I like eating my own words. It's a fun exercise. No special interest group ever writes huffy emails about the severity with which I went in on my previous self, It's an excuse to make the post even more about myself, and since everyone on the baseball internet is the aggrieved representative of the cruddy player they were personally excited for, usually I only have to eat my words for happy reasons. Someone was vaguely more productive than I though they would be--I must commit hari-kiri.
This post...almost qualifies? It gets very close to a lot of things and doesn't quite meet the threshold. It's a lot like most of the White Sox teams Paul Konerko has been on.
Paul Konerko was brought back this year to be a bench bat against select left-handers. A third 1B/DH that only covers the short side of the platoon? I was dubious on the concept, even though Konerko had just come through with a .923 OPS season against lefties. If I only wear wingtips to weddings, I'm not going to have much interest in employing the best shoe-shiner in the world.
Konerko is, as I predicted, not replicating those numbers from 2013, but at 38 years of age, is still an above-average hitter when handed the platoon advantage. He's hit .290/.323/.462 for a 116 wRC+ against lefties this year. It's good, but not special, and more of a nice ability than a singular quality to justify ones whole roster presence with. But the Sox, strangely enough, would be kind of be lacking for spare potent at-bats against lefties without him.
This seemed unlikely at the outset of the year, when if anything Konerko seemed to be directly sapping away at the role of Dayan Viciedo, who was already going to be platooning with Alejandro De Aza and providing lefty-mashing thunder off the bench. With Matt Davidson potentially floating around the roster near the later part of the year, Konerko had a high likelihood to encroach upon swings against lefties better spent elsewhere.
Instead, Viciedo got a full-time job, and hasn't retained any of the skills that made him an interesting part-time worker (94 wRC+ vs. LHP), Davidson has had a lost year in Triple-A, and the Sox offense has become surprisingly dependent on platoon stud, Conor Gillaspie. Their best bats against left-handers, aren't particularly flexible. Jose Abreu is aces against lefties, but also can never really be taken out of the lineup ever, same for Adam Eaton.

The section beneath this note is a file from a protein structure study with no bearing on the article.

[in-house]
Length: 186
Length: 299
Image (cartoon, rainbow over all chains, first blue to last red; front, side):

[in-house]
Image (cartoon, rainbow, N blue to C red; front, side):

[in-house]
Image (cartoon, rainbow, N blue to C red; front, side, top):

Other than that:
-Avisail Garcia was 2-5 with a homer and a walk before he got hurt.
-Adrian Nieto has been surprisingly capable in 20 plate appearances.
-Gordon Beckham (GORDON BECKHAM!?!?!) is .312/.353/.462 against lefties--underscoring how truly awful he's been against righties--but is also kind of rooted to the spot at a premium defensive position.
Which leaves Konerko as the top lefty-smashing spare bat, during a year where Adam Dunn badly needed a platoon partner (62 wRC+ vs. LHP). He's even been 8-23 as a pinch-hitter. He's had some clear uses on the roster, even if it wasn't enough to make him an intrinsically valuable player who would be pursued on the open market. All he's actually accounted for is 99 plate appearances against lefties and the less said about the other ones and the nicer the tone of this piece will stay.
About that, though. They probably could have just gotten this year out of Moises Sierra, a toolsy mess with a passing notion of a plate approach that was kicked out of Toronto with no regrets after a month. Sierra has used batted ball luck (and, I donno, actual speed, probably) to hit .288/.315/.481 (117 wRC+) against lefties, while also pinch-running frequently, defending a position, and not being a dead body against righties. His avenues toward meaningful play might totally dry up when Avisail comes calling in under two weks, and the Sox will have wasted most of their last chance to see him play regularly on a Viciedo homer-binge, but he was a useful bench player who stumbled in and provided what Konerko was to provide in a limited situation off the scrap heap. It's not quite a scandal, but it's been telling.
Yet this situation has steered clear of embarrassment--the Sox wanted to bring back a franchise hero for a peaceful and happy farewell, and give him a small job to do to steer clear of any feelings that he was a free rider. For the most part, he's been useful against lefties and flinging pinch-hit singles, and we've been able to applaud him a few times. When bringing back a 38-year-old first baseman who has basically been done as a regular MLBer for a year and a half, the possibilities are far worse. He basically brought store-bought cookies from the drug store to the potluck and we all clapped because it was from him.
There's a balance to strike between an unfeeling franchise that ultimately cares for nothing except value maximization and self-romanticizing lunacy where we cheer our heroes even as they mold before our eyes. The Sox were always erring toward the latter side when they even entertained this farewell season, and submitted themselves to self-imposed positional roster crunches for the whole season. But at least--in the twisted logic of the original premise for the deal--Konerko delivered, as much he could expected to, and having that little sliver of leaving on his own terms is more than most get to cling to. I'm sure the Sox are overjoyed to have given it to him.
Follow The Catbird Seat on Twitter @TheCatbird_Seat